Rock singer SA (311) born
Actress Winona Ryder (Horowitz) (Little Women, Bram Stoker's Dracula, The Age of Innocence, Beetlejuice, Edward Scissorhands, Lucas) born
Palestinian guerrillas kill an airport employee and hijack a plane, carrying 27 passengers, to Cuba. They force West Germany to release 3 terrorists who were involved in the Munich Massacre.
O.J. Simpson set two NFL records this day. The Buffalo Bills' star running back ran 39 times for 157 yards -- and he rushed for over 1,000 yards in only seven games.
Loretta Lynn, received a gold record for her album, "Greatest Hits, Vol. 2."
Lindy Chamberlain is found guilty of murder of her child in a Darwin Court. She was sentenced to life imprisonment with hard labor. The case is known as The "Dingo Baby Murder Mystery."
Golfing great, Tom Watson, won his sixth PGA Player of the Year title; the most won by any golfer since the award was first given in 1948.
Following the confirmation defeat of Robert H. Bork to serve on the US Supreme Court, President Reagan announced his choice of Douglas H. Ginsburg, a nomination that fell apart over revelations of Ginsburg's past marijuana use.
Jazz great Woody Herman died in Los Angeles at age 74.
The maiden voyage of the Soviet Union's space shuttle was delayed because of problems with ground equipment.
At least 20,000 East Berliners observed a minute of silence for those killed while attempting to flee over the Berlin Wall, the first such public mourning since Communist Party authorities built the wall in 1961.
The U.N. Security Council voted to hold Saddam Hussein's regime liable for human rights abuses and war damages during its occupation of Kuwait.
A New York City jury acquitted 17-year-old Lemrick Nelson of murdering Yankel Rosenbaum, an Australian Hasidic scholar who was killed in rioting that erupted in the Crown Heights section of Brooklyn in August 1991 following the traffic death of a black child who was hit by a Hasidic driver. (In February 1997, a jury convicted Nelson and Charles Price of violating Rosenbaum's civil rights.)
President Clinton, speaking at the Kennedy presidential library in Boston, promoted the North American Free Trade Agreement, saying President Kennedy would have supported it.
A group of US luge athletes was attacked by right-wing skinheads in Oberhof, Germany.
A gunman fired more than two-dozen shots at the White House. Francisco Martin Duran was later convicted of trying to assassinate President Clinton and was sentenced to 40 years in prison.
Palestinians burned American and Israeli flags and swore revenge for the assassination of Dr. Fathi Shakaki, the leader of the radical Islamic Jihad and a top architect of terror attacks against Israel. (Shakaki was gunned down three days earlier in Malta, reportedly by Israeli intelligence.)
Hundreds of thousands of New York Yankees fans participated in an enormous blue-and-white ticker-tape parade for the World Series champions.
Chinese President Jiang Zemin met with President Clinton at the White House; the two leaders clashed over China's human rights record, but agreed to end the diplomatic chill between their countries.
The Baghdad government barred Americans from the UN disarmament effort in Iraq -- a move that outraged chief weapons inspector Richard Butler and prompted him to suspend inspections.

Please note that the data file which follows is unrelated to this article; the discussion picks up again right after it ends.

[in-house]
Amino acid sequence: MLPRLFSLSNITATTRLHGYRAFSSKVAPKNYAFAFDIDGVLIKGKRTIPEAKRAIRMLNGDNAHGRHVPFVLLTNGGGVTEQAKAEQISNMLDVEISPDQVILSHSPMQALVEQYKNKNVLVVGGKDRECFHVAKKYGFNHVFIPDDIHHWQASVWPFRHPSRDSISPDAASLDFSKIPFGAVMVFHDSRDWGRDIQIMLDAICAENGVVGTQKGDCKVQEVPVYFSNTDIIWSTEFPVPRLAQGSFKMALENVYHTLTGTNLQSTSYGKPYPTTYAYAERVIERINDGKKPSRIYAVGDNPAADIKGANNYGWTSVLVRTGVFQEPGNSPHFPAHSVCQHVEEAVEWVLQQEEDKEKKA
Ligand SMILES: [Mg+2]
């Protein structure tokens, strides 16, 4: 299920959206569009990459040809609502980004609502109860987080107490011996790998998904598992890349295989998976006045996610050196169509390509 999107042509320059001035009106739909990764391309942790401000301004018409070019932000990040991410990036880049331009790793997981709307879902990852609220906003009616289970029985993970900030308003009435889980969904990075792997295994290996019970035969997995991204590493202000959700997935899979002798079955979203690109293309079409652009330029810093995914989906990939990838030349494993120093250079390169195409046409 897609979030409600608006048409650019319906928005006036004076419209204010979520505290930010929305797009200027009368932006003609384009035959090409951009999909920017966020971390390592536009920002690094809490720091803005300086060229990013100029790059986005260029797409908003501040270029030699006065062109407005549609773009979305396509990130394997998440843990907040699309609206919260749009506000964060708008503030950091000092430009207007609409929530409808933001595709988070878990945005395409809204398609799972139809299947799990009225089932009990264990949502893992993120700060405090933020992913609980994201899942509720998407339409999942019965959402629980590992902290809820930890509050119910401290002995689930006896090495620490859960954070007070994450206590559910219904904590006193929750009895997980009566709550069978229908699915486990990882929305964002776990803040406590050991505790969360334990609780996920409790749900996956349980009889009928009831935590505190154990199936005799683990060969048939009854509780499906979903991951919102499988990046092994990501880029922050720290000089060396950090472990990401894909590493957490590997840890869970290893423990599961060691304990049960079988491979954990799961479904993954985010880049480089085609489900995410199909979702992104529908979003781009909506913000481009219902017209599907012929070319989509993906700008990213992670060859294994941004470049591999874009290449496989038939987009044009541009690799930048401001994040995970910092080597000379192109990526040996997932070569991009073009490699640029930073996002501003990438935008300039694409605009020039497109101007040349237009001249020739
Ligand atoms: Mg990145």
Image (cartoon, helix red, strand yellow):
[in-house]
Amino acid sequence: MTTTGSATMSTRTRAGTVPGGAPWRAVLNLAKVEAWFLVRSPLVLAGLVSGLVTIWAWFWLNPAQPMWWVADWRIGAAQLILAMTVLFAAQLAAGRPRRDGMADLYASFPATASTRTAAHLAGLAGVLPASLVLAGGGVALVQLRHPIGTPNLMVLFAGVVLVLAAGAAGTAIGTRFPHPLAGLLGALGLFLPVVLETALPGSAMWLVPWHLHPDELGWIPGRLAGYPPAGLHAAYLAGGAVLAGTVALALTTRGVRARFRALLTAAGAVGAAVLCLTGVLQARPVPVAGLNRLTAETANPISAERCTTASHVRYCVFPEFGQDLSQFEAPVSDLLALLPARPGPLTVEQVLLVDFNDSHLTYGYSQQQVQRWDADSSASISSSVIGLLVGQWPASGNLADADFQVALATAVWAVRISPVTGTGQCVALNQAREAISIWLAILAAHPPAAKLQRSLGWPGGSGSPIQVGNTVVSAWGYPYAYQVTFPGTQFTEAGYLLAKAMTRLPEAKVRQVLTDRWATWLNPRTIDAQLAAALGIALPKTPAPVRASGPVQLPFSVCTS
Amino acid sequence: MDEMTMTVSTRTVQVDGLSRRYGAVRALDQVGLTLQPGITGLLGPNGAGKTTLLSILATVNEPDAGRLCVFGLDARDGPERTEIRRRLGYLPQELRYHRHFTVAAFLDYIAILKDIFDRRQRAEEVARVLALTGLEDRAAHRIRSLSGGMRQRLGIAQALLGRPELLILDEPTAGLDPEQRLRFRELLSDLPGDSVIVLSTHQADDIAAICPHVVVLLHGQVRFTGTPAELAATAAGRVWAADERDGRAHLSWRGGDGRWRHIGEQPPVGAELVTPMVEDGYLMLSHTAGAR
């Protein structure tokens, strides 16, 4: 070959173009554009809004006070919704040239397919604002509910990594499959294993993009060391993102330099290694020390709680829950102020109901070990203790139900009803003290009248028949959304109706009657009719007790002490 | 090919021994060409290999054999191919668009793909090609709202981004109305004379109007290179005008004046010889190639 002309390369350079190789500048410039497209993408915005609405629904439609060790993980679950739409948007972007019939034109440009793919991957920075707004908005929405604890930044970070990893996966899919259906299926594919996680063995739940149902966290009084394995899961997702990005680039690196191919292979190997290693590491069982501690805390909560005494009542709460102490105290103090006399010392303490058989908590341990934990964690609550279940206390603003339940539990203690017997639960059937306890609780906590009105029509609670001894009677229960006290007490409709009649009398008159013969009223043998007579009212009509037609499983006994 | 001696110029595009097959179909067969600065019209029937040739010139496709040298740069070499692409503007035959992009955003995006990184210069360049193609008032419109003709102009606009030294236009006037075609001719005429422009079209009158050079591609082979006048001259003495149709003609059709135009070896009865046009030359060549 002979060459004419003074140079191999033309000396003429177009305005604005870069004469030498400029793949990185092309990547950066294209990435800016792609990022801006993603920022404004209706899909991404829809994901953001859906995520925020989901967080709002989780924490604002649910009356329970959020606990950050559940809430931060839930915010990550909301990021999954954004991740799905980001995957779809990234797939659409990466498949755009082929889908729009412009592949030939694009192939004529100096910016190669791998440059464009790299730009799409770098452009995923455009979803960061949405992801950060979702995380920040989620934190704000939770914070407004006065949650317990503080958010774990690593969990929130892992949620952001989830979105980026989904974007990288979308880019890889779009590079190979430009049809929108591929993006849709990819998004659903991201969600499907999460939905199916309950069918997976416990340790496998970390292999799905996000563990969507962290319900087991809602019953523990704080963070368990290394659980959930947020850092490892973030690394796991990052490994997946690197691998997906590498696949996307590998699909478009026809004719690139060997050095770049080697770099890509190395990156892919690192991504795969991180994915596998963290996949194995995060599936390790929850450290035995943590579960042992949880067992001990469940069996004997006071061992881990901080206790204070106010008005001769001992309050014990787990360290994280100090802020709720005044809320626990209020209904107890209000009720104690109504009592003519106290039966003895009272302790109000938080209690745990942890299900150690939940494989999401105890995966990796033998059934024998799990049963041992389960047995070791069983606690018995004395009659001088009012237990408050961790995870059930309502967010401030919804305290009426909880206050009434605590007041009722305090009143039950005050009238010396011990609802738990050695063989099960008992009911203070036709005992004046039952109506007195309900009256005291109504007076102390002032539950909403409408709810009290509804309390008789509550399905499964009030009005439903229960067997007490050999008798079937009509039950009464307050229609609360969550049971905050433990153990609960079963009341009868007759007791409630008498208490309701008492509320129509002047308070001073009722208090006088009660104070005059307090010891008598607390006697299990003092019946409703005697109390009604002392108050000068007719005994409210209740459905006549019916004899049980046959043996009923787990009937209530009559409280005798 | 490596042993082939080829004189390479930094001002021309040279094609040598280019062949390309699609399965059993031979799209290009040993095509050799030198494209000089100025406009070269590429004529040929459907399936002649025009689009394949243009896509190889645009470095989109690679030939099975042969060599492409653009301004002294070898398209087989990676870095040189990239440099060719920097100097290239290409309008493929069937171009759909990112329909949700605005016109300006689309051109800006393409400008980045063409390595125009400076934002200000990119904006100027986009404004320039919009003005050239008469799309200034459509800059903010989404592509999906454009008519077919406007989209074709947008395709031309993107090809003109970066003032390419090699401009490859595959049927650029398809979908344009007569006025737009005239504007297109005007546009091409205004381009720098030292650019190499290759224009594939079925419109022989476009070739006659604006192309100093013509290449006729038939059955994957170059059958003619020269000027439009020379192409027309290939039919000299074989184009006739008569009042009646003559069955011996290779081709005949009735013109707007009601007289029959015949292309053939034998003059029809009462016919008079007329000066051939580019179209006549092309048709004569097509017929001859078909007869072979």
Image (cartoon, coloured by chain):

The government cleared the powerful drug tamoxifen as a way for healthy women at very high risk of breast cancer to cut their odds of getting a tumor
Senator John Glenn, at age 77, roared back into space aboard the shuttle Discovery, retracing the trail he'd blazed for America's astronauts 36 years earlier.
Sixty-three people were killed when fire broke out during a disco party in Goteborg, Sweden.
South Africa's Truth and Reconciliation Commission condemned both apartheid and violence committed by the African National
A panel of European Union scientists ruled that British beef was safe for export, rejecting French scientific arguments to continue a ban because of fears of mad cow disease.
Some 3,000 people attended a memorial service in Orlando, Florida, for golfer Payne Stewart, who was killed along with five other people in the crash of their Learjet.
Osama bin Laden admits responsibility for September 11, 2001 attacks
Lance Armstrong shares criticisms of Tour de France director
Romania switches to Winter Time
Major train wreck in Southern India
Tom Cruise parody site defiant in face of Scientology threats, demands its day in court
Syrian residents claim U.S. bombing, shooting into Syria
Democratic challenger for U.S. Senate seat calls Iraq war 'strategic blunder'
India successfully tests cryogenic rocket engine
Israeli president advised to step down
Report of air crash near Abuja - over 100 feared dead
Missing Los Alamos Laboratory documents found in drug bust
Top U.S. military officer recommends removing all troops from Baghdad
U.S. ranks 53rd in press freedom index
Mother of Californian firefighter calls on arsonist to surrender
Prime Minister Ghedi of Somalia resigns
US turns security for Karbala over to Iraqi forces
Boston Red Sox are World Series Champions once again
Hunter says he caught 'Bigfoot' on camera
$1m offer for NBC to include U.S. presidential candidate Gravel in TV debate
Wikimedia fundraiser highlights webcomic community's frustration with Wikipedia guidelines
ElBaradei says no 'concrete evidence' of Iranian nuclear weapons program
Two men arrested in Tennessee for plot to kill Obama and school children
Mars orbiter finds widespread evidence of water-bearing minerals
Deadly quake hits southwestern Pakistan
State of emergency declared in New York over H1N1 swine flu virus
Date set for Bradfield, Higgins by-elections: Australian Electoral Commission
AFL provides insufficient support for European leagues: Germany
McDonald's restaurant to close all locations in Iceland
UN Security Council votes to extend Ivory Coast sanctions
Two 10-year-old UK boys arrested for alleged rape of girl aged 8
NASA completes successful test flight of new Ares IX rocket
Home demolitions in East Jerusalem continue
Newcastle United's St. James' Park naming rights go up for sale
Mozambique holds presidential and parliamentary elections
University of Missouri Hospital in lockdown after 'violent individual' attempts to gain access to building
No-fly zone demanded by Syrian protesters
U.S. prepares for arrival of Hurricane Sandy
Bremer Freimarkt, oldest fair in Germany, reaches its climax
Fleetwood Mac cancel upcoming Australian and New Zealand tour